In the three years since his graduation, Steinbach has worked on one of the biggest TV shows in history and made his directorial debut
Bad Exorcists director and writer Kyle Steinbach ’11.
Making a movie typically takes time, money, and a small army of professionals who can keep a complicated production running smoothly.
Footage that flashes by in an instant on the silver screen often takes hours to film and hours more to edit. Budgets need to cover the salaries of the cast and crew, equipment, food, accommodations, transportation, shooting location fees, and more. A director ensures that the cinematographer, editors, art directors, set decorators, costume department, makeup department, second unit directors, sound editors, special effects artists, camera operators, and casting agents (among others) are all working together to execute his or her creative vision.
It is an intense process that has no blueprint for success: for every expensive failure like The Lone Ranger, there is a low-budget blockbuster like The Blair Witch Project.
Now imagine diving headfirst into the movie industry at 24, just two years after earning your undergraduate degree.
Kyle Steinbach ’11 was a Clark Honors College graduate in the Lundquist College of Business and the College of Arts and Sciences, who found himself in Los Angeles working as a production assistant on the Emmy Award-winning TV show The Office.
Everybody involved with Bad Exorcists held
multiple jobs, including director Kyle Steinbach,
seen here moving equipment during filming.
During the rare hours Steinbach wasn’t on set working with cast members, Rainn Wilson, John Krasinski, Jenna Fisher, and co., he was working on a script of his own.
“I wrote three TV scripts and really did not like it much at all,” Steinbach says. “I thought I should write a feature—that should restore my enthusiasm for writing, and would also be something that I could get behind and want to write, because the TV scripts felt like a job. It’s supposed to be a job, but the reason you work four hours after you’ve finished your normal work is because you love doing it.”
Not long after starting his “normal work,” though, The Office came to an end, leaving Steinbach without a regular paycheck—but with the time he would need to turn his feature script into a fully-realized film.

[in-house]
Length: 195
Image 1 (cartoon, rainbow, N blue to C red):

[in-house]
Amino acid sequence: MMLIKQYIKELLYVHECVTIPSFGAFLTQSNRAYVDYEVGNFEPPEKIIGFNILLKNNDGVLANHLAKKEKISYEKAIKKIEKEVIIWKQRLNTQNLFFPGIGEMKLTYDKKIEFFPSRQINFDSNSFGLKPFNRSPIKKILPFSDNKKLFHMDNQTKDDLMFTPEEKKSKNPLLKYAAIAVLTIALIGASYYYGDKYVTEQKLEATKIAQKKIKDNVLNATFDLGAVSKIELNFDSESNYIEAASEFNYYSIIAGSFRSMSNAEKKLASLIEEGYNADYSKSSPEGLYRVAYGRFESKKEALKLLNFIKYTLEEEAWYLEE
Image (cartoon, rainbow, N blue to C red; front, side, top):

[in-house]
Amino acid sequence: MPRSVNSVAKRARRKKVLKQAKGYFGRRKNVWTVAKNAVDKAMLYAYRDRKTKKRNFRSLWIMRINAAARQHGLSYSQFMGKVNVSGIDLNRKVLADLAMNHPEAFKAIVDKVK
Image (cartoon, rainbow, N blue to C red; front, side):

“When the show ended, I moved back to Oregon a week later,” he said.
Steinbach attended the University of Oregon over USC in part because he felt the quality of education he would receive at the UO would be equal to that offered at the famed film school 850 miles to the south. While studying in Eugene, the Portland native met a number of like-minded people who would all prove to be assets when Steinbach needed a cast and crew for his film.
“I found film people at Oregon who aren’t the prototypical climbers; they’re creative and have different perspectives and they’re really, really funny people,” he says.
On June 20, 2013, Steinbach called “action” on his debut feature film, Bad Exorcists. It’s a comedy about high school students trying to win a horror film festival who manage to get their lead actress possessed by an actual demon. With a $40,000 budget, every dollar spent and hour of the day used had to be maximized, which meant Steinbach’s friends and associates—many of whom are Ducks themselves—wore a number of different hats.
The small cast and crew worked 14 hours a
day, six days a week, for 21 days to complete
“I have a cameo only because we didn’t have enough people,” Steinbach says. “Everybody in the movie acted also, because it was just that type of film. There were scenarios where we were supposed to have a scene with three high school girls, and people we auditioned couldn’t come, and so, okay, the production designer and makeup lady, you’re both in the scene now. They did great. I was a producer with Zack Shivers ’13 and Louie Sloss, and I wrote the film as well. Pretty much everybody had multiple jobs.”
The cast and crew of Bad Exorcists worked 14 hours a day, six days a week, for 21 days to finish the film. The fact that everyone was still on friendly terms at the end of the shoot is testament to Steinbach’s desire to fill his cast and crew with Ducks who already got along
“One of our main supporting actors was an older gentleman; I think he came on the set day 17 of a 21-day shoot,” Steinbach said. “He was amazed at how happy everybody was. He said, “You’ve been working on an independent film for 17 days and nobody’s depressed?”
“This actor is, as far as I can tell, one of the most prolific Portland-based actors that I know of. He’s been on so many different sets, he’s worked on nearly every single show that Portland has: Grimm, Leverage. He was amazed. I didn’t have that much perspective, having only worked on some commercials and The Office, and everyone seemed happier to be here than those other shows. This guy said it was very unusual. It was a really good group of people.”
Bad Exorcists, which locked in January, is currently in the hands of the colorist, sound designer, and special effects expert, who are finishing the movie and preparing it for release. The next step for Steinbach is to get the film entered in a film festival.
See the trailer for Bad Exorcists here.